Delhaize v. Lay has been a closely followed case on the North Carolina “forced combination” question. Interest waned a bit when the North Carolina Court of Appeals decided against Wal-Mart on the same issue in Wal-Mart v. Hinton, 197 NC App, 30, 676 S.E.2d 634 (NC App. 2009). In Wal-Mart, the court found that the Department of Revenue could force combined reporting to reflect the “true earnings” of the enterprise regardless of whether or not it made a finding of “non-arm’s length pricing” between the company’s related entities. The big box retailer petitioned the North Carolina Supreme Court for review but was denied a hearing.Now comes Delhaize, the parent company of the grocery chain, Food Lion, who had the unfortunate luck to have to follow in Wal-Mart’s wake.
It all started in 1998, when Delhaize, with the assistance of Coopers & Lybrand (now PwC), entered into a state tax planning strategy designed to exploit states that employ the separate reporting method of calculating state income tax. The strategy involved isolating trademarks, trade names, and other assets in a new legal entity in a single state. The new entity would then charge the parent entity royalties and fees for the intellectual property and services housed in the new entity, usually at a pre-determined arm’s length rate. The parent entity would deduct these business expenses even though the fees collected by the new entity later would be returned to the parent company as inter-company dividends. On a consolidated tax return the fee expense and the inter-company dividend would be eliminated against one another having no real effect on reportable income. However, in a separate reporting state only the expense items hit the tax return. The result was a reduction in taxable income in the separate reporting state for the expense of payments that never left the corporate family.
Most separate reporting states had statutory provisions in place to prevent this kind of manipulation by forcing the two related entities to file a combined tax return thus bringing the dividend income back into the picture and triggering the tax neutral inter-company elimination. The arm’s length standard was often employed to justify a forced combination. If the inter-company transactions were not arm’s length, and supported by credible documentation to that effect, then the state could force the combination of the returns. This is exactly what happened under audit for Delhaize. Delhaize maintained that the transactions were arm’s length and therefore the state could not force the combination.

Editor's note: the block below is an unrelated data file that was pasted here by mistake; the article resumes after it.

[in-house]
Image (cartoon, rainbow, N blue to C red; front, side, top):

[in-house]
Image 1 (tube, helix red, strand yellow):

As we mentioned before, it was Wal-Mart who tripped up Delhaize. Wal-Mart made the arm’s length argument and lost at both the North Carolina Business Court and the Court of Appeals. When the North Carolina Supreme Court denied review of their case, the cards had been dealt. Delhaize also lost at the North Carolina Business Court on the substantive tax issues. However, they were vindicated on penalties. The Business Court found that the penalties were an unfair violation of 14th Amendment due process, a violation of the power of taxation under the North Carolina constitution, and that the state had abused its discretion in applying the penalty.
Feeling their oats after the Business Court’s strong language dismissing the penalties, Delhaize decided to try a similar approach to reverse the substantive tax issue at the Court of Appeals. Delhaize argued on appeal that North Carolina had violated their 5th Amendment Due Process rights when it changed the “guidelines” for applying its forced combination authority and adopted a “new approach” without properly notifying taxpayers. The Court of Appeals roundly rejected the argument. The other three arguments put forth by Delhaize were all rejected as governed by the binding authority of the Wal-Mart decision.
By putting the substantive tax arguments into play with the appeal, Delhaize also gave the state an opportunity to challenge the Business Court’s determination on the penalties. The state did exactly that and the Court of Appeals agreed with them. It rejected the lower court’s decision on the penalties and reversed the order to refund $1.8 million in penalties to Delhaize.
Read the entire opinion here:
Delhaize v. Lay, No. 11-868-1 (NC App. Aug. 21, 2012)